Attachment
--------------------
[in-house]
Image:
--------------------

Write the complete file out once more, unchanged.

[in-house]
Image: